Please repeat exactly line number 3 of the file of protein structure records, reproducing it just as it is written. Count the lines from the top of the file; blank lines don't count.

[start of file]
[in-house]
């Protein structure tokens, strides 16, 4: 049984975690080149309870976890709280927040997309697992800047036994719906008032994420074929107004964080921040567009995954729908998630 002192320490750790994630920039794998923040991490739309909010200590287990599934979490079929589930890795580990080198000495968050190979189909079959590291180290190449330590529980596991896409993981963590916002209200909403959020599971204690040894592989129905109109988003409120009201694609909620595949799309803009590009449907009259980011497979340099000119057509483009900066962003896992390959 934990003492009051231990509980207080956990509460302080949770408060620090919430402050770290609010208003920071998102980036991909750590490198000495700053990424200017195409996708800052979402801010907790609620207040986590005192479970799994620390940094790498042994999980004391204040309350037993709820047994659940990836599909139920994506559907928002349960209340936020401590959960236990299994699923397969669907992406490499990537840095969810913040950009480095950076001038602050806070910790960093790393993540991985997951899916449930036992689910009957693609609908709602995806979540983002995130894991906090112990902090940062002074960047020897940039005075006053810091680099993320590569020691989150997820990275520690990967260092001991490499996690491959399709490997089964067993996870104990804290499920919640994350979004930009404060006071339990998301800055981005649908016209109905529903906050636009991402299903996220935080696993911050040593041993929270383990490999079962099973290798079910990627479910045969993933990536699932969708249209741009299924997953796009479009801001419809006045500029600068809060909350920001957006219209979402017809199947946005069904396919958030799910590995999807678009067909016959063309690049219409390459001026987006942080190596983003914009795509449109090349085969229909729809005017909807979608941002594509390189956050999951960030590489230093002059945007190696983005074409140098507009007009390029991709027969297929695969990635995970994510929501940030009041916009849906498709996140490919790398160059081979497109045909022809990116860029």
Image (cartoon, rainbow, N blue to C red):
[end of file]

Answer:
Image (cartoon, rainbow, N blue to C red):